Fit For A Princess: All About the Princess-Cut Diamond
By Ashley Bailey
, Monday, October 25, 2010
By Ashley Bailey
, October 25, 2010
The princess-cut diamond
is the second-most popular diamond shape, after the round brilliant. It is popular for many kinds of jewelry, including earrings, pendants, and of course, engagement rings. A princess-cut is simply a square diamond with pointed corners and a similar brilliance level as the round brilliant.
Princess Cut A CUT ABOVE diamonds
The princess cut was developed in the 1960’s and quickly became a more modern alternative to the traditional round diamond. These days, many engagement ring setting styles are adaptable for use with a princess-cut
, and more and more people are turning to the princess for their big day. Celebrities have opted for the princess-cut’s classy and interesting look as well. Eva Longoria Parker wears a three-stone engagement ring
with a hefty princess-cut stone flanked by two trapezoids, while Ashlee Simpson received a beautiful and simple princess-cut stone in a pavé setting from rocker Pete Wentz.
Princess-cut diamond ring
Although in some ways, the princess-cut, or modified square brilliant, takes the round brilliant as its inspiration, in other ways, it is completely different. A princess-cut stone will weigh slightly more than a round stone of the same diameter because of its extra corners and deeper depth. Its unique faceting pattern is called the Double French, in which a series of chevron-shaped facets in the pavilion combine to give the stone a distinctive reflection. This unique faceting gives the princess-cut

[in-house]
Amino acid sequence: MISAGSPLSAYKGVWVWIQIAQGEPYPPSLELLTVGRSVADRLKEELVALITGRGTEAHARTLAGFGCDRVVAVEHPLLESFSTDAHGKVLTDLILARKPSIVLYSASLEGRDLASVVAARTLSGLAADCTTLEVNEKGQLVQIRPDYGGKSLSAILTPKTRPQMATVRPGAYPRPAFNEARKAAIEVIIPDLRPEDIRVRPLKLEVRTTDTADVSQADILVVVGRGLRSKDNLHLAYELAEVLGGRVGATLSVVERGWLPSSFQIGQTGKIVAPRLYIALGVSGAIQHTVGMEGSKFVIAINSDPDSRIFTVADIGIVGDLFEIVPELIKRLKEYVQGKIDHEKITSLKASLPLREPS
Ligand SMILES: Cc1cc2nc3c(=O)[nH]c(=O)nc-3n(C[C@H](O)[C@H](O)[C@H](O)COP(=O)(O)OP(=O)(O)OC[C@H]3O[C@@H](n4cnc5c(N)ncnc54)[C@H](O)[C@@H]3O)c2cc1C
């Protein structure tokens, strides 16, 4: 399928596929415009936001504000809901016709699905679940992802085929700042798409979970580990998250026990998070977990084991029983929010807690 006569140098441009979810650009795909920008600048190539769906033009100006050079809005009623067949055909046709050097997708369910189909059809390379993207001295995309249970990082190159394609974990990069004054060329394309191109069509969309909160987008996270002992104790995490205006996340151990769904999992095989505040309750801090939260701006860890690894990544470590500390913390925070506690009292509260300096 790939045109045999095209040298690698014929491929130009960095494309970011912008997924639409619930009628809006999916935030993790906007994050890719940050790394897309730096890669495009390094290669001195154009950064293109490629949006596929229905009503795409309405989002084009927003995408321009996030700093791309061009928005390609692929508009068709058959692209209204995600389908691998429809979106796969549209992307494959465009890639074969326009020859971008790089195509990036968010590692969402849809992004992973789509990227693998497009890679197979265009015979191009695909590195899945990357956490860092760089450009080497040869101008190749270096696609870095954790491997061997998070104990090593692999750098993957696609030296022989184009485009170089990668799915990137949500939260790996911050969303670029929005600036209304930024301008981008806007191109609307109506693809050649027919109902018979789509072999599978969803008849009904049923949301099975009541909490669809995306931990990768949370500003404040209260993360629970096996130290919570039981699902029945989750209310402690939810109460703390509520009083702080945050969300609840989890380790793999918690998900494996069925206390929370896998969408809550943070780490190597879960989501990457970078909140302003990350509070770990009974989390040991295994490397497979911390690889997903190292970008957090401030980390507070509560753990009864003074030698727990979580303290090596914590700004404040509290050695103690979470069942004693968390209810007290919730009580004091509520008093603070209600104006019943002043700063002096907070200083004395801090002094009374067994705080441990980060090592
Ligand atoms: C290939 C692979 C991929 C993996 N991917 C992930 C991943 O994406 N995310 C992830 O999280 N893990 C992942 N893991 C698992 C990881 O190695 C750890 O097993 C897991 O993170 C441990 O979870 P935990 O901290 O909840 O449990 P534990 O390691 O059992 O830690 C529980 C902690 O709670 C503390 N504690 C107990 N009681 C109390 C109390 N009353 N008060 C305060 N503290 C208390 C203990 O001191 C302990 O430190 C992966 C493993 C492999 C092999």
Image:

a similarly high level of light return as the round brilliant, while still retaining the interesting shape of other square diamonds.
Princess-cut diamond ring by whiteflash
Despite its uniqueness, the princess-cut can sometimes be slightly less expensive than round stones of a similar size and quality. This is because less crystal weight from the original rough diamond is lost when cutting a princess-cut stone than when cutting a round brilliant. However, due to their lesser popularity and the fluctuations of the market, prices can vary.
When buying a princess-cut stone, it is important to educate yourself about the dimensions that are ideal for maximum light return. The AGS and GIA do not grade princess cuts in the same way they grade round stones, so you have to arm yourself with knowledge to make sure you get a stone you will always love. Length-to-width ration is one important factor. For a square-looking diamond, opt for a ratio between 1:1 and 1:1.05. For a more rectangular look, look for a stone with a ratio over 1:1.10.
Four prong princess-cut diamond ring
The four C’s remain the same as they would for a round brilliant, although you will want to make sure that you opt for a good color grade and make sure that there are no inclusions near the corners of the stone, which can make them prone to chipping. Since princess-cuts can only be made from high-quality rough diamonds, their clarity grades are generally quite good. Princess-cuts are not as good as round brilliants at hiding diamond color, so you will want to choose a color grade of at least I. Cut can be a little trickier, but a rule of thumb is to look for a total depth between 72% and 75%, with a table percentage of under 75%.
The princess-cut is a gorgeous, classic diamond shape that will never go out of style. A princess-cut ring will become a family heirloom, passing on your good taste to the next generation.